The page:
Mr. Cox was of opinion, "from the peculiar form of
the walls at the west side of this court in front of the hall, that a kind of cloister or verandah of wood was carried round three sides of it as a shelter from arrows shot over the walls at a high elevation, and that a portion on the left was an open shed for the protection of the lord's horses, the curtain wall protecting the fourth side without any pent roof; also that another apartment or two, of two stories, existed behind the hall for the withdrawing room and chamber. The hall has very thin walls, and was, with the chambers, most likely built of oak in the upper portion. This is not at all unusual for the internal offices of a castle. Conway (1286) hall was of timber. The character of the lower walls of the hall at Dyserth are fitted only as the base for timber superstructure. There are some valuable details of the windows and battlements among the fragments, the former showing how the glass was fixed in moveable wooden frames. We know that when castles were not occupied by their owners, the glass was removed and stowed away. The loophole from the battlement is cruciform, with circular oeillets and triangular foot. A beautiful moulding, either from the kitchen fireplace or some fragment of the chapel, was also found.
"When the excavations opened the various chambers, they were found to be whitewashed on the stone; very little plastering was used in the interiors. Thus we have an exactly dated instance of the use of whitewash.' The fact that the domestic buildings are withdrawn towards the south or Welsh side of the Vale, and that the strongest points of resistance are turned towards the road to Flint and Holywell, to prevent a foe marching round the flank of the Vale by these or the low ground, are (in addition to its abandonment. as a base of operations by the English) strong presumptive evidence of the defensive purpose being the main
1 Llywelyn Fardd 1230-80; Myv. Arch. 249; Towyn Church "Eglwys wen wyngalch wynhaed.”
object of this strong fortress. In the character of its military engineering, but not in its office and use, its analogies are strong with Denbigh; so much so as to suggest a common designer. The angular and polygonal bastions, the separate well-tower, and the system of outworks, have much in common with the larger castle. The grouping of the towers towards the line of attack also recalls the arrangements of the older portion of Chester Castle, also built by Henry III.”1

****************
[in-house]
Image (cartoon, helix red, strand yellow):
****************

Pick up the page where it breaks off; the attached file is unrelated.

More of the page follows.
The excavations have shown a large quantity of charred timber. Through part of the north wall the gallery of a mine has been run, but its use is uncertain. The larger portion of the débris appears to have been taken down by manual labour, as will later on be verified. The metal gratings have been wrenched out of the windows. The floors of the tower are unpaved, and are made of beaten clay, well laid and hard. The window, door casings, and quoins, are of a fine white freestone, probably brought from Storeton near Birkenhead by sea. The masons' marks are identical with many in Bebington, though of a later period, and might indicate the employment of Wirral masons, several of whom are named in the succeeding reign as master masons and contractors employed at Conway and Carnarvon Castles.
It has been suggested by Pennant that a Welsh port existed on the site of Dyserth Castle, prior to this fortress built by Henry III, but I have not yet met with any real evidence relating to it. We learn from Domesday (1086) that the berewicks of Dicolin, Rahop,3 and Wicestan (Bay Town), were a waste in the time of Edward the Confessor, and no mention whatever is made of a castle or post; yet in the immediate vicinity, we have Ruestoch' (together with Prestetone), a name clearly indicating the former existence of a stockade."
1 Cox, "Diserth Castle," Chester Arch. Journ., 1895.
2 Dyncolin, the berewick in which Dyserth Castle stood.
5 Welsh Rhiw-y-stoc; and Rustock in an Agreement of 1272 A.D.